“The locals had seen a history of people wanting to come here and turn it into a restaurant – so we wanted to make our intentions clear.”
Helen joined in: “This is a working fishing village – the locals are the fishermen here – and one of the tweaks we did want to make was to make sure all the fish served here came from the cove.
Fair to fishermen
“In the past that wasn’t always the case – now we’ve got six boats selling to us and we try to make sure we are fair to all the fisherman. We even have their names on the menu. That is really important – because, really, the fishing is the heart and soul of the village and you need to see it reflected in the pub.
“The fish is caught in the morning and on our menu in the afternoon,” she added, ensuring that both Patrick and I and Otter’s public relations man Ross Hayward all tried different fish dishes for lunch.
“All this was hot on the heels of the Fisherman’s Apprentice programme on the BBC which was highlighting the difficulties local fishermen had – so one of the first things we wanted to do was make sure we could take as much fish as we possibly could from those guys,” said Garry. “Also, there is a real demand from people who want to know if the fish has been caught in the cove…
“Visitors love the fact that they can see the fishermen bringing in the fish – they’ll literally sit here watching them drag the fish box up,” laughed Helen who went off to place our orders for what, I have to say, was a happily memorable maritime meal.
Patrick, who being a brewer is something of a pub-expert, commented: “You are almost creating a sort of ‘celebrity-dom’ for your local fishermen. People who are coming down are beginning to say things like – ‘Wow, this is one of Legg’s lobsters!’ That is unique – and what’s more you’ve been clever enough to get the local fishermen to embrace that. You’ve got the locals helping to make your formula work by being a part of it.”
The line a publican must tread between regulars and locals – and the itinerant armies of tourists – is often a difficult one to tread, so I asked how the couple had been faring as they worked behind the bar in this most iconic of all Westcountry inns…
“I think it’s easy,” shrugged Garry. “It’s about having a pub which is open to everyone 365 days a year. We happen to be very busy at certain times – but the locals understand that. They will pick their moments when to come in.
“They very much embrace the tourists – they get the importance of tourists to Cornwall. They actually become part of what’s on offer, in that they will sit here and tell stories – and they will remember the people who come back here three or four times a year.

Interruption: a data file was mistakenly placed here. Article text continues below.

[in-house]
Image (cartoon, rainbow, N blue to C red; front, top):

“What we don’t have here is that the door creaks open and the music stops and everyone looks around. The locals will smile to the visitor and they will proactively start a discussion in a friendly way. That immediately relaxes the visitor – they will stay longer – they will have a lovely time and want to come back.”
But he added: “There is an expectation that’s never discussed that locals never expect to wait – the challenge for us is how do you manage that without alienating the holidaymakers? The key for us is just to try and serve quickly. But sometimes I will make the locals wait – just a little – simply because they weren’t next in the queue. But you can accelerate the process. The key is quick acknowledgment – so they know, you know, they are there.
“It has been a massive learning curve,” he admitted. “We came in on the 6 August (2012) and I’d never stood on that side of the bar before. There we were – we’d got a new chef and we’d got crowds coming through the door. But what we did have was locals sitting either side of the bar pointing to where everything was to help us. They wanted us to succeed – which is just as well because we were a little bit rabbit-in-the-headlights.
“Looking back, the amount that you absorb – both consciously and unconsciously – it had to sink in quickly. But we are still learning. It’s hard work,” he smiled. “I don’t think people who haven’t run a pub fully understand how hard it is. We’ve had to learn to adapt ourselves to little things – like when people phone and want to speak to their friends. That was something I did expect would happen. But we’ve had to come to terms with the fact that it is part of a village pub.
“Then there’s the fishermen who radio in to the pub to say: ‘Have you got five or six people in there who could help pull the boat up?’”
“Yes – we’re enjoying it. Yes – the business is doing well. And yes – we are reinvesting back into the business,” said Helen who told us something of the pub’s famous Friday night sea-shanty sing-alongs…
The thought seemed to put a gleam in her eye and she added: “We are looking forward to the next 18 months, certainly.”